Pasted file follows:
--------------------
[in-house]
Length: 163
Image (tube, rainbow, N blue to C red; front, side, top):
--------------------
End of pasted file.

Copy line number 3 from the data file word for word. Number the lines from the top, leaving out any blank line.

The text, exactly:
Image (tube, rainbow, N blue to C red; front, side, top):